Sunday, December 15, 2013

Akercocke - Words That Go Unspoken, Deeds That Go Undone

Written by Jordan Campbell.


I first stumbled upon Akercocke in the pages of Brave Words and Bloody Knuckles back in 2002, right after the release of their sophomore album, The Goat of Mendes. And the thing that struck me immediately—like it did with everyone—was their buttoned-down, suited-up gimmick. That was Akercocke’s thing: They wore suits. Now, bear in mind: Back in ’02, they didn't appear as dapper as they did during the Words That Go Unspoken, Deeds That Go Undone promo cycle. They looked like they just finished arguing with Mr. White and Nice Guy Eddie about the ethics of tipping.

It was an awkward juxtaposition, these devilish upstarts and their stiff attire. Thusly, the gist of the feature was basically, “Akercocke wear suits!”, and when confronted with the question as to why a rickety, raw-ass, blackened death metal band wanted to present themselves as reluctant prom dates, Jason Mendonça’s reply of “we always dress like this…” was far from convincing. (Obviously, I’m paraphrasing here; pulling exact quotes from a magazine article I read in my aunt’s kitchen twelve years ago is an inexact science.)

The point is this: Akercocke captured my attention with that gimmick. And that gimmick was effective in a way that The Goat of Mendes probably wouldn’t have been, at least to my nineteen-year-old mind. Let’s be honest. Akercocke’s early work left something to be desired. Lots, in fact. Rape of The Bastard Nazarene and The Goat of Mendes were stultifying experiments with fair-to-horseshit production values. If not for the suits, Akercocke wouldn’t have been regarded as intriguing prospects, but mere also-rans. But with their suave Satanism—steeped in indulgence and lust rather than crude blasphemy—they managed to pique heavy metal’s collective interest.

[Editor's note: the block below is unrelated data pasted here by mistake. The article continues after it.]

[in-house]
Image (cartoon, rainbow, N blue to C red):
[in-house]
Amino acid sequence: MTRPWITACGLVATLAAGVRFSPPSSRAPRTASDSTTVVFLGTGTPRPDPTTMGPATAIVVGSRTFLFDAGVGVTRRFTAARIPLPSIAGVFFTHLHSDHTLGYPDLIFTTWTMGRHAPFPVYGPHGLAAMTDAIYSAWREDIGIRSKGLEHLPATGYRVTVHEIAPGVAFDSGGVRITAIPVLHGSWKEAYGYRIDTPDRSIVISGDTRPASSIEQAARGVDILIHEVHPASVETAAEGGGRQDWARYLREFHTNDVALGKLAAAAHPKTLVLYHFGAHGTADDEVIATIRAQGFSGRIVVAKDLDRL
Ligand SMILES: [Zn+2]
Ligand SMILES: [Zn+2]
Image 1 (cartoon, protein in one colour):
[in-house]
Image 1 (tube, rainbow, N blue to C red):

David Gray, Jason Mendonça, Matt Wilcock, Peter Benjamin.

(In that way, they’re something of a modern relic. While the Internet age has brought us the wonders of Haulix, Soundcloud, and Bandcamp, the quick-click disposability of these pseudo-formats aren’t exactly conducive to metallic farm systems. No longer can a band slowly climb the ranks; you best have your shit together straightaway, son.)

By the time Choronzon came around in 2003, they weren’t shopping off-the-rack anymore. The band had tailored their sound into something special. Earache threw some weight behind ‘em and produced a ridiculous video for “Leviathan.” Suddenly, they were primed for primetime, finally growing into their “Skin For Dancing In” by adding some progressive flair to their demented take on death metal. And then, they did what all brilliant bands on the cusp of semi-stardom should do:

They got real fuckin’ weird with it.

2005’s Words That Go Unspoken, Deeds That Go Undone could've been huge. But it was too damn smart for its own good. Akercocke weren’t content to be merely be Opeth’s absinthe n’ bitches counterpoint. They wanted to tug at the seams of death metal’s very essence, stretch the threads across a blackened skeleton, and pulverize the entire project in an act of commercial suicide.

It’s unclear if artists realize they’re doing this at the time. For instance, Nicolas Winding Refn reached the cusp of mainstream success with Drive, and then turned around and made a film about horrible people committing misguided acts of senseless violence against each other…in Thailand…with no subtitles. Whether the demented fuck-you of Only God Forgives was subconscious or overt is up for debate. Words is similarly perplexing. The main difference: It’s actually good. Not only is it Akercocke’s best album, its one of the genre’s finest—and criminally overlooked—artistic statements.